Sumitra S. Khandelwal, MD
Sumitra S. Khandelwal, MD, is an Assistant Professor of Ophthalmology at Baylor College of Medicine and trains residents and cornea fellows at the Michael E. DeBakey Veterans Affairs Medical Center and Ben Taub General Hospital in Houston, Texas.
Please share with us your background.
I grew up outside of Houston with two physician parents, thinking that all I wanted to do was leave Texas and do anything but medicine. Fast-forward, and here I am, finishing my first year as ophthalmology faculty at Baylor in Houston! I was an International Studies major at Washington University in St. Louis with thoughts of pursuing journalism or politics, but I became involved in some volunteer organizations that reminded me how rewarding medicine can be. The road to get here—with residency at Emory in Atlanta and fellowship at Minnesota Eye Consultants—has been invaluable, and when the opportunity arose to come back home to Texas, I took it.
What drew you to ophthalmology and, specifically, to your field of interest?
I fell into ophthalmology my first year of medical school. We were assigned research preceptors, and mine happened to be studying the genetics of corneal dystrophies. I spent the first few days in the lab when one of the ophthalmologists saw I was a medical student. He had me shadow him in clinic. I was hooked by the combination of varied pathology and all kinds of diagnostic instruments and technologies.
Please describe your current position.
I am an Assistant Professor of Ophthalmology at Baylor College of Medicine and Cullen Eye Institute, specializing in cornea, cataract, and refractive surgery. I also teach cataract surgery to residents at the Michael E. DeBakey Veterans Affairs (VA) Hospital and Ben Taub General Hospital. This is a special focus of mine, as much of my research at the VA is on optimizing outcomes in cataract surgery in the resident teaching setting.
Who are/were your mentors?
I have been fortunate to have various mentors in my career. At Emory, Bradley Randleman, MD, is an important resident advocate, and working with him allowed me to develop into a better clinician, surgeon, and clinical researcher. Even years later, we still work together on projects, and I’m constantly learning from him. In fellowship, I had the privilege to work with several leaders in the field: David Hardten, MD; Sherman Reeves, MD; and Thomas Samuelson, MD, were my clinical and surgical mentors. We all have those voices in our heads when we are operating, and Dr. Hardten’s still echoes in mine! Richard Lindstrom, MD, and Elizabeth Davis, MD, both provided me not just clinical knowledge but mentoring on the business aspects of medicine, which you rarely get in training. I can only hope I provide a fraction of the mentorship to someone else that I’ve been lucky to have.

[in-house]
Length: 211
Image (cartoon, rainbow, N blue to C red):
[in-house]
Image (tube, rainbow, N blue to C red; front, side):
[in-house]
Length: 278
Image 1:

What has been the most memorable experience of your career thus far?
My most memorable experience to date was the first time I received a thank you card from a patient who I operated on at Grady during my residency. It sounds like such a simple thing, but I was so honored. Here is a patient who I knew had trouble paying for his eye drops, whose health was not that good, and whose vision was limited from glaucoma. Yet, he took the time to get this very elegant card and write a touching note. I still have the card, and it reminds me how lucky we are to have a job where we take care of patients.
What are some new technological advances that you have found particularly exciting? Which advances in the pipeline are you most enthusiastic or curious about?